jallspaw:~]$cfityk ./ 1> # Fityk script. Fityk version: 0.8.2 2> @0 < '/home/jallspaw/storage-consumption.xy' 15 points. No explicit std. dev. Set as sqrt(y) 3> guess Quadratic New function %_1 was created. 4> fit Initial values: lambda=0.001 WSSR=464.564 #1: WSSR=0.90162 lambda=0.0001 d(WSSR)=-463.663 (99.8059%) #2: WSSR=0.736787 lambda=1e-05 d(WSSR)=-0.164833 (18.2818%) #3: WSSR=0.736763 lambda=1e-06 d(WSSR)=-2.45151e-05 (0.00332729%) #4: WSSR=0.736763 lambda=1e-07 d(WSSR)=-3.84524e-11 (5.21909e-09%) Fit converged. Better fit found (WSSR = 0.736763, was 464.564, -99.8414%). 5> info formula in @0 # storage-consumption 14147.4+146.657*x+0.786854*x^2 6> quit bye...

cmd line script output

Forecasting Automation
fityk gave: y = 0.786854x2 + 146.657x + 14147.4 ( R2 = 99.84) Excel gave: y = 0.7675x2 + 146.96x + 14147.3 ( R2 = 99.84)


Capacity Health

• 12,629 nagios checks • 1314 hosts • 6 datacenters • 4 photo “farms” • farm = 2 DCs (east/west)

High and Low Water Marks
alert if higher

alert if lower

Per server, squid requests per second

A good dashboard looks something like...
type # curren limit/b ceiling limit t ox units (total) (peak) % peak Est days left

www shard db squid

20 20 18

busy 62.50 80 1600 1000 procs % I/O 27.50 40 800 220 wait % req/se 17,10 11,40 66.67 950 c 0 0 %

36 120 48

yes, fictional numbers)

Diagonal Scaling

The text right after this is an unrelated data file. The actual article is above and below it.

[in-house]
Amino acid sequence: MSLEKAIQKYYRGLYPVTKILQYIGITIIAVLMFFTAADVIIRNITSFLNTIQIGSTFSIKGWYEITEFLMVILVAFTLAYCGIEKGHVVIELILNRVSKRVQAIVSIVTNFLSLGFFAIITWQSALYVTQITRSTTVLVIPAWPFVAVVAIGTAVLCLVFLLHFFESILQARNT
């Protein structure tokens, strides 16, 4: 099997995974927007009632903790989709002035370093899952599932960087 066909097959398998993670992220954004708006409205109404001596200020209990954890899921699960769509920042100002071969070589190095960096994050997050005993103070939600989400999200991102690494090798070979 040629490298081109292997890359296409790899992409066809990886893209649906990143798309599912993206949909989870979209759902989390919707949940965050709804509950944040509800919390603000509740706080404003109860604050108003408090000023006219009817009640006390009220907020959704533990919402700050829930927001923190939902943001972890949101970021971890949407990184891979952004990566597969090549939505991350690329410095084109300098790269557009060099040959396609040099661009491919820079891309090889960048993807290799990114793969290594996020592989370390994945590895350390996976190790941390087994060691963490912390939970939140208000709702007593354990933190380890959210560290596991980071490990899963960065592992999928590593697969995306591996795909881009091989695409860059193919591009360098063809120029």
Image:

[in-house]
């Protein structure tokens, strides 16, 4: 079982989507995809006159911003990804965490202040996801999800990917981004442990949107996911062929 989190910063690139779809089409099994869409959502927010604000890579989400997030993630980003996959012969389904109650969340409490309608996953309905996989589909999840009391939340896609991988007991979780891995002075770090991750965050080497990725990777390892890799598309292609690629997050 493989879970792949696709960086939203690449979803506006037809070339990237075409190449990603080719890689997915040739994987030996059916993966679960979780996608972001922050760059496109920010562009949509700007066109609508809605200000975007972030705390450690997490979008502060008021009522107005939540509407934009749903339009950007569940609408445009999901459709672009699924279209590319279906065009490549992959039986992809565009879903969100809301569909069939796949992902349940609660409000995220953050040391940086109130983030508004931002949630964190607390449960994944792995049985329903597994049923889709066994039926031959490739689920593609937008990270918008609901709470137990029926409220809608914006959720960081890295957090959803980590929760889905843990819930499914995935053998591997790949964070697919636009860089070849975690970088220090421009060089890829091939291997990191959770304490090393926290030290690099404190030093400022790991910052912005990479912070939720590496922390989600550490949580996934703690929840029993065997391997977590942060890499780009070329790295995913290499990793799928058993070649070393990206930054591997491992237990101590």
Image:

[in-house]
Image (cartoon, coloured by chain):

vertically scaling your already horizontal nodes

• Image processing machines • Replace Dell PE860s with HP

Diagonal Scaling
example: image processing
4 cores

8 cores

(about the same CPU “usage” per box)

Diagonal Scaling
example: image processing throughput

~45 images/min @ peak

~140 images/min @ pea
(same CPU usage, but ~3x more work) “processing” means making 4 sizes from originals

Diagonal Scaling
example: image processing
went from:


1035 3008.4 Dell PE860s Watts photos/min

23U rack



1036.8 8U 1120 HP DL140 G3s Watts photos/min rack !!! (75% faster, even)

3 .52

terabytes will be consumed today

2nd Order Effects (beware the wandering bottleneck)

running hot, so add more

2nd Order Effects (beware the wandering bottleneck)

now these run hot

running great now, so more traffic!

Stupid Capacity Tricks

Stupid Capacity Tricks
quick and dirty management
[root@netmon101 ~]# cat group.of.servers www100 www118 dbcontacts3 admin1 admin2

Stupid Capacity Tricks
quick and dirty management
[root@netmon101 ~]# dsh ­N group.of.servers
dsh> date executing 'date' www100:         Mon Jun 23 14:14:53 UTC 2008 www118:         Mon Jun 23 14:14:53 UTC 2008 dbcontacts3:    Mon Jun 23 07:14:53 PDT 2008 admin1:         Mon Jun 23 14:14:53 UTC 2008 admin2:         Mon Jun 23 14:14:53 UTC 2008 dsh> 

Stupid Capacity Tricks
Turn Stuff OFF

• Disable heavy-ish features of
the site(on/off switches)

• We have 195 different

things to disable in case of emergency.

Stupid Capacity Tricks
Turn Stuff OFF
uploads (photo) uploads (video) uploads by email various API things various mobile things various search things

etc., etc.

Stupid Capacity Tricks
Outages Happen

• Host your outage/status/blog
page in more than one datacenter.

• Tell your users WTF is going
on, they’ll appreciate it.

Stupid Capacity Tricks
Hit the Pause Button

• Bake the dynamic into static • Some Y! properties have a big
red button to instantly bake (and un-bake) at will


We’re Hiring!

Come see me!